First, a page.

Ep. #03 "GALATIANS 3-6" [Series: PAUL'S LETTERS]

Rating: All Ages

Episode: Paul’s Letters Series No. 03 Narrator: Lois Primary Scriptures: Galatians 3-6 Story Summary: Paul’s letter to the churches in Galatia Location: Roman Empire; Galatia Time: AD 30 Jesus crucified and resurrected; Pentecost; Holy Spirit arrives AD 48 Paul’s “famine visit” to Jerusalem; First Missionary Journey starts AD 50 Council at Jerusalem; Start of Second Missionary Journey; approximate time of the writing of Galatians. Suggested Memory Scriptures: Galatians 3:3, 11, 26-28; 4:6-8; 5:1, 8, 14, 16, 22-25; 6:2-3, 7, 10 On their First Missionary Journey, Paul and Barnabas established churches in Antioch of Pisidia, Iconium, Lystra, and Derbe, towns located in the Roman province of Galatia, in central Asia Minor. Paul probably had these churches in mind when he wrote Galatians. Timothy, Eunice, and Lois were from Lystra. It is not absolutely clear if Paul and Barnabas met them on the First Missionary Journey, but this is likely. It is possibly from them that Paul learned Judaizers were negatively influencing those early churches. Assuming Galatians is the first of Paul’s letters, then Galatians 3 becomes his first written foray into a topic that will become a major theme for him: the righteous live by faith, not by following the Laws of Moses. Moving forward, he concludes that those who believe in Christ are adopted children of God. He also makes a statement that will resound through the centuries: among those who believe in Christ, there is to be no distinction due to ethnicity, gender, or any other human-based distinction. Christians are to be completely unified. In Galatians 4, Paul lays out his case that those who follow Christ have freedom, and those who don’t are enslaved. In this passage, Paul uses a word that may sound strange to modern ears, “zealous.” In modern use, it tends to means enthusiastic and diligent, but Paul intended it to mean entirely devoted and very passionate. The first use of the word in the Bible is when Phinehas was so devoted to God that he drove a spear through a Jewish man and into a Midianite woman who were committing adultery.1 As a zealous person himself, Paul notes the importance of being zealous...for the right things. Chapters 5 and 6 contain some of the most important teachings about the Holy Spirit that are in the New Testament, as well as some of the most important teachings about living as a Christian. In one of the most recognized phrases of his teachings, Paul describes actions and consequences in a few simple words: “You reap what you sow.” *1 Numbers 24:11 Discussion Questions: 1. Paul opens Ephesians 3 by describing the Galatians as being foolish and easily deceived by false teachers. How are some ways that modern Christians are foolish and easily deceived? 2. One of Paul’s themes is based on a phrase from Habakkuk 2:4. The New International Version shows that the Hebrew word in that verse can be translated as “faith” or “faithfulness.” What is the difference in those two wor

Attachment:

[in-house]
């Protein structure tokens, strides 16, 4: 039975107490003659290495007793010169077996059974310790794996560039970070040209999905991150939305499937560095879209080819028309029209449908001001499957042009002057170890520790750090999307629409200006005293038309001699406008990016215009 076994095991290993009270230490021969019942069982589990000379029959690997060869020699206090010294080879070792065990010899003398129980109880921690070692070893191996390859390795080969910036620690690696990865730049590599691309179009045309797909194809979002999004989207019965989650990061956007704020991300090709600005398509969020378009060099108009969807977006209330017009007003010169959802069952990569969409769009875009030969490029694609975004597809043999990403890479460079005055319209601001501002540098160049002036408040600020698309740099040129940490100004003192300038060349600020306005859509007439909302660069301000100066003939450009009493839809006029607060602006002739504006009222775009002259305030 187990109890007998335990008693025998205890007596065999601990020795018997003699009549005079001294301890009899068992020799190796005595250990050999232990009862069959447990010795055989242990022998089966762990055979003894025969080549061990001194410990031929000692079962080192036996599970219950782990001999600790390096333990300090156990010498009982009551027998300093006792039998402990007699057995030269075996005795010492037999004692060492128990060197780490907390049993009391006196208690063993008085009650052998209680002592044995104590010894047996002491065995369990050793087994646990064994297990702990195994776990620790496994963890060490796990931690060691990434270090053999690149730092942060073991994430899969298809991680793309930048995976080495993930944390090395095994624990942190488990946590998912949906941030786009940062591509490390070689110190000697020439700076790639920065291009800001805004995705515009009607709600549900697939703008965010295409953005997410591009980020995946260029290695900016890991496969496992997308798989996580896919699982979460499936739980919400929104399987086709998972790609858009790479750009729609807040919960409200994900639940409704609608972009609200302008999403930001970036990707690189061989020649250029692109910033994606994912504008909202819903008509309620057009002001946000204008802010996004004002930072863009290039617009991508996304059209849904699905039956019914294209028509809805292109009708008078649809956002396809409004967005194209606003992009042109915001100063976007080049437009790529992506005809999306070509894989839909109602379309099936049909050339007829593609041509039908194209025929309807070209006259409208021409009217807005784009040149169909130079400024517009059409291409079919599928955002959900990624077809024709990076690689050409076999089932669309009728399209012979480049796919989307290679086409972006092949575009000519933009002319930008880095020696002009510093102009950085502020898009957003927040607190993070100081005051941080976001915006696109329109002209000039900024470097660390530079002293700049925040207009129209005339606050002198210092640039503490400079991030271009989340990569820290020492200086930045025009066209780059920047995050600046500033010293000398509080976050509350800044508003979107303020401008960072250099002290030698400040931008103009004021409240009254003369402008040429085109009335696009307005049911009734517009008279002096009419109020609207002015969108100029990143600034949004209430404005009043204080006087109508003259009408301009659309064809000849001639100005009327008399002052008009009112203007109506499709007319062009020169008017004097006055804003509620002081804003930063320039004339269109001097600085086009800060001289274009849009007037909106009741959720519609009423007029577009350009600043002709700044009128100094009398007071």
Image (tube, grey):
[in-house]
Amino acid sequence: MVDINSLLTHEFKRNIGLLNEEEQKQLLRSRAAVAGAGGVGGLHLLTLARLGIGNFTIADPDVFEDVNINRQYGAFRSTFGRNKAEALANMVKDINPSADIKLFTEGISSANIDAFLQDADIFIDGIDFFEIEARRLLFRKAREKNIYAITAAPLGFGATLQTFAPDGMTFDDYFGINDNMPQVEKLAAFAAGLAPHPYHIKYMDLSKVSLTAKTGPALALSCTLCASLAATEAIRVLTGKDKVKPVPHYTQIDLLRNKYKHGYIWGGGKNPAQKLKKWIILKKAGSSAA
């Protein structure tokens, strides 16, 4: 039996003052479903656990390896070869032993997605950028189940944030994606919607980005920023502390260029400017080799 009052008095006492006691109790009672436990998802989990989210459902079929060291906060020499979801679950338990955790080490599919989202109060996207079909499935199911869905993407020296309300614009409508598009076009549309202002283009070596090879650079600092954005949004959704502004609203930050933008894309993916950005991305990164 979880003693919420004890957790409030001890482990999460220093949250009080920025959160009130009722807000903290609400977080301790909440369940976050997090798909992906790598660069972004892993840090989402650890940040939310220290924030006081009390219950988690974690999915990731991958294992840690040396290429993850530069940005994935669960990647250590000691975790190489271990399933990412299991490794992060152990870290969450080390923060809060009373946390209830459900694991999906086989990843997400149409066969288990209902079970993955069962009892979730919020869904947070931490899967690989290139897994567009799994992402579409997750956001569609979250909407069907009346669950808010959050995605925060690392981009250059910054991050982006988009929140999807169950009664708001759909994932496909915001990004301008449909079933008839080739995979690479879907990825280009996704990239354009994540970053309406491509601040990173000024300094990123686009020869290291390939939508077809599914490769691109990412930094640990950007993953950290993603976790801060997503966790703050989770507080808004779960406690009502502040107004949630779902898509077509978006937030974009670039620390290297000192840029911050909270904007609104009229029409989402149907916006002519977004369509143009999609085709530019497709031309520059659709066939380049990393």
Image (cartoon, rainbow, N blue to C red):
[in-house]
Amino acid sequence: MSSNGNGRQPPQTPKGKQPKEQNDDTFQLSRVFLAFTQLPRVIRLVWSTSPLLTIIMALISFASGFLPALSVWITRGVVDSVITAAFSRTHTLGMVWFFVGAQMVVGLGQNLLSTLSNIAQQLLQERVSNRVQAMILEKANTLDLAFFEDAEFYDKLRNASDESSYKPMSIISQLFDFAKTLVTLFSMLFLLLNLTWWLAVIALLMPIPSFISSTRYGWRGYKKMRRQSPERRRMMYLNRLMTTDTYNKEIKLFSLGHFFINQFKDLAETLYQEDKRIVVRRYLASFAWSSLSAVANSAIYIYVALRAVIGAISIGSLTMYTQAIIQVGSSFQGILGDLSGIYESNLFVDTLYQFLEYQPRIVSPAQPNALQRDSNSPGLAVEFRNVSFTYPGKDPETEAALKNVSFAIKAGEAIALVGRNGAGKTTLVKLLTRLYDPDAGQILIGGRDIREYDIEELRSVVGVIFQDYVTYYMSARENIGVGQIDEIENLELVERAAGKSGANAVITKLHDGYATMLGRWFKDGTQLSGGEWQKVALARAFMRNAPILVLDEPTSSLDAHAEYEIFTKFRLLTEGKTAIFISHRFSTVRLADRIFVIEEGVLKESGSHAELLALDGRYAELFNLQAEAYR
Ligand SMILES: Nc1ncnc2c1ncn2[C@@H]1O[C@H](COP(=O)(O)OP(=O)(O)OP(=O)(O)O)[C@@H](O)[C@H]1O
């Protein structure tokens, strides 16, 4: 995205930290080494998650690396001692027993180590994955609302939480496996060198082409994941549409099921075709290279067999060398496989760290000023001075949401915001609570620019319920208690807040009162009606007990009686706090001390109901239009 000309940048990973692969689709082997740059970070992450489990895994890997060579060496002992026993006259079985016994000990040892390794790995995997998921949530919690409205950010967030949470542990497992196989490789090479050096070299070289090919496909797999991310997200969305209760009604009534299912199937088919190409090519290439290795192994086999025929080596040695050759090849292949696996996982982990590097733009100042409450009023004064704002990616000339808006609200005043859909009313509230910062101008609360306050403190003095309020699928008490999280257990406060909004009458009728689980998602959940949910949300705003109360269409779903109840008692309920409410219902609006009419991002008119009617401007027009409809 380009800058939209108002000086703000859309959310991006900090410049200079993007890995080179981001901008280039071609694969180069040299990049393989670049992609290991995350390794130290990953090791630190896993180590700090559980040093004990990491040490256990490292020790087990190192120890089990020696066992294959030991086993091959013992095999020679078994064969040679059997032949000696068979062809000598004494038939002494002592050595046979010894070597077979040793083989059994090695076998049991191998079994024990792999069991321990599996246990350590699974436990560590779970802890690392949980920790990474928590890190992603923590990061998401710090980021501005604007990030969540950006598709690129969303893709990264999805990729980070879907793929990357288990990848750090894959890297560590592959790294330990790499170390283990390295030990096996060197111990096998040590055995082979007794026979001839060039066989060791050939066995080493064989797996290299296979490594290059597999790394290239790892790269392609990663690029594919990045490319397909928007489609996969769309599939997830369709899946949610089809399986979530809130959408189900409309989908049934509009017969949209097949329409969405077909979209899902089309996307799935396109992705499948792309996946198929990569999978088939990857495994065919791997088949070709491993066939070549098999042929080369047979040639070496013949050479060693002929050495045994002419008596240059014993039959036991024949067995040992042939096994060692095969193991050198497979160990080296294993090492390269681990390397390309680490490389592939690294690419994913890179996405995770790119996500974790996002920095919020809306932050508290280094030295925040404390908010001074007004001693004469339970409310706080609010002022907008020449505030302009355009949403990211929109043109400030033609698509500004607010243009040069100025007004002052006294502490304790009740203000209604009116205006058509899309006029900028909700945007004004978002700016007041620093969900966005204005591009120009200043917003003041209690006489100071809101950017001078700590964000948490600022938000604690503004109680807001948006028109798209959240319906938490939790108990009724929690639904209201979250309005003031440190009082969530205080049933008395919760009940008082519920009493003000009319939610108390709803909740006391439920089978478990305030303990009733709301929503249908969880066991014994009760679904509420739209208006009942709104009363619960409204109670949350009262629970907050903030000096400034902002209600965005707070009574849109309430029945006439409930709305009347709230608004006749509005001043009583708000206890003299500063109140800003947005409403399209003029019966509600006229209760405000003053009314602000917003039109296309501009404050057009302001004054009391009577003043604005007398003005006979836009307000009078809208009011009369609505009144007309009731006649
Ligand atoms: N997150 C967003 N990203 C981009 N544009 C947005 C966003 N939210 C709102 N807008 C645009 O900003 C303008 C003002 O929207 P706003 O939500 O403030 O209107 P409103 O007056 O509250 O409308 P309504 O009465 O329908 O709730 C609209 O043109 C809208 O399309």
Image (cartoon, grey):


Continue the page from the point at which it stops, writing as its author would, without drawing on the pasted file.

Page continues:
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Ep. #03 "GALATIANS 3-6" [Series: PAUL'S LETTERS] | FaithChannel Episode: Paul’s Letters Series No. 03 Narrator: Lois Primary Scriptures: Galatians 3-6 Story Summary: Paul’s letter to the churches in Galatia Location: Roman Empire; Galatia Time: AD 30 Jesus crucified and resurrected; Pentecost; Holy Spirit arrives AD 48 Paul’s “famine visit” to Jerusalem; First Missionary Journey starts AD 50 Council at Jerusalem; Start of Second Missionary Journey; approximate time of the writing of Galatians. Suggested Memory Scriptures: Galatians 3:3, 11, 26-28; 4:6-8; 5:1, 8, 14, 16, 22-25; 6:2-3, 7, 10 On their First Missionary Journey, Paul and Barnabas established churches in Antioch of Pisidia, Iconium, Lystra, and Derbe, towns located in the Roman province of Galatia, in central Asia Minor. Paul probably had these churches in mind when he wrote Galatians. Timothy, Eunice, and Lois were from Lystra. It is not absolutely clear if Paul and Barnabas met them on the First Missionary Journey, but this is likely. It is possibly from them that Paul learned Judaizers were negatively influencing those early churches. Assuming Galatians is the first of Paul’s letters, then Galatians 3 becomes his first written foray into a topic that will become a major theme for him: the righteous live by faith, not by following the Laws of Moses. Moving forward, he concludes that those who believe in Christ are adopted children of God. He also makes a statement that will resound through the centuries: among those who believe in Christ, there is to be no distinction due to ethnicity, gender, or any other human-based distinction. Christians are to be completely unified. In Galatians 4, Paul lays out his case that those who follow Christ have freedom, and those who don’t are enslaved. In this passage, Paul uses a word that may sound strange to modern ears, “zealous.” In modern use, it tends to means enthusiastic and diligent, but Paul intended it to mean entirely devoted and very passionate. The first use of the word in the Bible is when Phinehas was so devoted to God that he drove a spear through a Jewish man and into a Midianite woman who were committing adultery.1 As a zealous person himself, Paul notes the importance of being zealous...for the right things. Chapters 5 and 6 contain some of the most important teachings about the Holy Spirit that are in the New Testament, as well as some of the most important teachings about living as a Christian. In one of the most recognized phrases of his teachings, Paul describes actions and consequences in a few simple words: “You reap what you sow.” *1 Numbers 24:11 Discussion Questions: 1. Paul opens Ephesians 3 by describing the Galatians as being foolish and easily deceived by false teachers. How are some ways that modern Christians are foolish and easily deceived? 2. One of Paul’s themes is based on a phrase from Habakkuk 2:4. The New International Version shows that the Hebrew word in that verse can be translated as “faith” or “faithfulness.” What is the difference in those two wor